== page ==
The clipper ship was developed by American shipbuilders around 1840. "Clipper" was a generic term generally applied to very fast sailing ships; after about 1845 it became used to denote a standard rig and hull type and was used in conjunction with a word denoting the cargo carried or destination of the boat (tea clipper, California Clipper). The 1850s saw an increase in shipping and shipbuilding both within the United States and internationally. This was partly in response to new resources and new trading opportunities -- gold was discovered in California in 1849 and in Australia in 1850; 1849 saw the opening of the Asian tea trade.
The clipper ship's major attribute was speed. Before the advent of the clipper ship, sea journeys from New York or Boston to San Francisco took upwards of 300 days. Clipper ships were able to make the journey to San Francisco in 100 to 120 days. The return journey was a little quicker due to sea and wind currents. The clipper ship "Flying Cloud" set a record of 89 days to the west coast in 1851 and again in 1854. This record was tied by the "Andrew Jackson" in 1860. Speed did not always require a slim body construction: "Great Republic" was the largest and heaviest ship in the world when it was launched in 1853.
Production of clipper ship cards commenced in around 1852. They allowed shipping companies to directly advertise and circulate information about particular ships. These cards were handed out or mailed to prospective passengers or customers, and were often locally circulated by hand in the manner of handbills. Notices of ship availability and sometimes of sailing dates also appeared in windows and bulletin boards of agents and local shops.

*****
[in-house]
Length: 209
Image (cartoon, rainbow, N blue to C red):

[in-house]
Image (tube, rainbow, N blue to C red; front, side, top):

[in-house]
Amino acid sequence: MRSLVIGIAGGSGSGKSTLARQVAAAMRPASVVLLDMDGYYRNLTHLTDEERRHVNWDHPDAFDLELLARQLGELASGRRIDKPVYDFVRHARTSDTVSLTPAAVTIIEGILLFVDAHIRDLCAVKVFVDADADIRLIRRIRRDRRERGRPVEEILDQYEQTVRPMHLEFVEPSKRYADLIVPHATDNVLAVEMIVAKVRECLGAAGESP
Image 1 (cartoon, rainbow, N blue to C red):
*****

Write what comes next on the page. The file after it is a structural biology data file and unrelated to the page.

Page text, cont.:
The cards advertised the ship, shipping company, and other important information, such as the port of embarkation. Each card usually had an illustration of the vessel or its namesake. A few cards were decorated with stylized text of the ship's name, or a non-related (yet often nautical) image. Often, if not specific to the ship's name, the printed image could be used again for a different vessel.
The vast majority of clipper ship cards claim the vessel will sail "shortly." Although passengers were desirous of an exact sailing date, it was often difficult for the sailing companies to maintain a firm date. Often ships needed to be full in order to depart and thus were dependent on other sea-going vessels for shipments of cargo, as well as on an adequate number of passengers. The language on clipper ship cards shows the competitiveness of the industry. Cards make much use of superlatives; ships are touted as being the fastest, most beautiful, swiftest, or world renowned. The small size of ships was often highlighted as a desirable feature, in part because smaller ships could sail faster.
Technological advances in printing made it possible to print cheaply in color onto the enamel-coated surface of cardboard from about 1840. Clipper ship cards were letterpress printed on this coated stock, often overprinted with three to seven colors. Only a very few cards were lithographed. George F. Nesbitt, printer of the majority of these cards, is also known as the printer of the first U.S. government stamped envelopes. He worked from the corner of Wall and Water streets in the heart of New York's shipping district.
Clipper ship cards were mainly produced during the decline of the clipper ship industry, when companies needed advertising to drum up business. An economic depression in the middle 1850s, and the ensuing panic of 1857, lowered the profits of the shipping industry. The early 1860s was the time of the heaviest clipper ship card issuance. The heyday of the clipper ship can be dated roughly as lasting from the 1840s to the late 1860s, as the completion of the transcontinental railroad in 1869 helped to make clipper ships obsolete for passenger travel. Clipper ships were abandoned as cargo ships by 1881, largely in favor of steamships.
Historical information on specific clipper ships and printers of cards is available in the Department's Clipping files.